Working collaboratively, the Chicago schools identified eligible students and families, while Comcast provided communications strategies and helped with onboarding, installation, and digital skills development. Comcast also had the capacity and operational support system in place – including call centers, technicians, a COVID-19 health and safety plan, and self-install kits – to make an initiative like this happen during a pandemic. In fact, Comcast has launched more than 70 similar partnerships across the country since the pandemic hit, including in Atlanta, Sacramento, Pittsburgh, Portland, Ore., and Washington, D.C.
CPS, City Hall, and Comcast also collaborated with CBOs to help families get online. “We worked with Chicago Public Schools, Kids First Chicago, and City Hall to help size the universe of need,” says Matthew Summy, the Vice President for External and Government Affairs for Comcast Greater Chicago. “We liked that they said: ‘This is a foundational need, let’s tackle this for the long term and include skills development in the initiative.’ That helped galvanize other parties.”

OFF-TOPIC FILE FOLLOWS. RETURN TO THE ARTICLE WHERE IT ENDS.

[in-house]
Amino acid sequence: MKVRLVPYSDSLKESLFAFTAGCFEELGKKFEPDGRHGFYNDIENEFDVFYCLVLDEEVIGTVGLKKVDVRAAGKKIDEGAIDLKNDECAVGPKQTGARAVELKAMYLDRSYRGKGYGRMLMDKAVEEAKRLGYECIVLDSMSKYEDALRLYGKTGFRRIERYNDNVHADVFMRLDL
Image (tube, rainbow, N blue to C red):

Community outreach has been crucial for crossing the bridge from access to adoption. In total, 35 CBOs qualified to be part of the effort. “With their engagement and commitment to digital equity, the other aspects of the program begin to fall into place,” says Summy. “They’re helping build awareness of the program in the communities they serve, and they’ll be hubs for digital skills training, which is an important aspect of the program. Together, we’re communicating to potential enrollees through various channels, from large mailings, to calls, to texts.” The CBOs can also reinforce that families don’t need social security numbers to sign up, that legal status and language aren’t barriers, and that credit history is not a factor.
Connectivity Shapes the Future
Going forward, the internet connectivity provided by Chicago Connected stands to make lasting changes in the City’s education system as it evolves, post-pandemic. This could mean, for example, relying on remote learning in order to offer enrichment or other programming to more students.
As Barbara Goodman Manilow, board chair of the Crown Families Philanthropies and a participating organization, puts it, “No student or family should be cut off from opportunities to learn, connect, and thrive—especially at this moment when our devices have become our classrooms, doctors’ offices, and more. Chicago Connected represents a critical step on the path to equity for students city-wide.”
Thanks to Chicago Connected, and the public, private, and philanthropic organizations that made it possible, no Chicago student has to go without the fundamental broadband internet service or device they need to continue learning.
Thousands of Chicago students will soon have a broadband connection. However, across the country, thousands more continue to struggle in education, employment, and daily life without high-speed internet. Learn more about our efforts to provide quality connectivity to every student and sign up to stay involved.